San Francisco: Board of Supervisors votes against proposed tech tax, but the fight continues
Last month, we described several ballot initiatives that are expected to go before voters in the November election. These cover various topics, including marijuana legalization, stadium funding, and gas and income tax increases.
In addition, the San Francisco Board of Supervisors (Board) was considering placing the Homelessness and Technology Tax, known as the “tech tax,” on the November ballot. If passed, technology companies would have been subject to a 1.5 percent payroll tax, which was intended to fund affordable housing and homeless services.
On August 1, 2016, not even a month after it was introduced in mid July, the Budget and Finance Committee decided to table the initiative in a special meeting.
In an article describing the 2-1 vote, SFist revealed the opinion of San Francisco’s chief economist, who disagreed with the initiative because it would have a negative impact overall, despite the anticipated revenue gain of $70 million to $140 million annually. To explain this, he cited the Economic Impact Report (Report), which concluded that the costs would outweigh the benefits.
More specifically, the Report described the following impacts:
- By increasing the cost of labor for technology companies, the initiative would tend to reduce the number of workers employed by that sector, and the wages they earn;
- The reduction in technology sector employment and wages would create negative multiplier effects in the local economy, such as reduced demand for business services, business travel, and building services that support technology companies;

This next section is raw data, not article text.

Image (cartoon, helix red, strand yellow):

- To the extent the reduction of employment in the city reduces the desire of technology workers to live in the city, the tax will lead to lower demand for housing and consumer goods such as retail goods, personal services, and restaurants and bars.
All this despite the fact that it is likely that investment in homeless services would improve the economic prospects of homeless people, and therefore reduce social service costs born by the public sector in the long term. These social service costs are unquantifiable at this time.
Ultimately, the Report projected the following:
- A net loss of approximately 870 jobs over a twenty-year forecast period;
- A decline in earnings in every sector except social services, with the greatest decline 0.6 percent, in the Information and Professional Services sectors;
- A .18 percent decrease in housing prices; and
- A personal income decline of .13 percent, despite the decrease in housing prices, because of the decline in employment and wages.
On the other hand, several supervisors supported the tax because the big tech firms have enjoyed five-year tech boom, so it is only fair that they now pay their share to address the impact of housing and homelessness.
There are other ongoing efforts afoot to mitigate the housing problem. SFist recognized one, a new Department of Homelessness and Supportive Housing initiative, which seeks voluntary charitable donations from large tech companies to support transitional housing and homeless services.
Another is from supporters who want to collect enough signatures themselves to get the tech tax on the ballot. KTVU quoted one of the original sponsors engaged in this effort, who proclaimed: “[l]ong live the fair share tech tax… It's not dead, the fight has only begun.”